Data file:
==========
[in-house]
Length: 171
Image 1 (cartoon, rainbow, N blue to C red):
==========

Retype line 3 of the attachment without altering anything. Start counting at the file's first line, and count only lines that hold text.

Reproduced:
Image 1 (cartoon, rainbow, N blue to C red):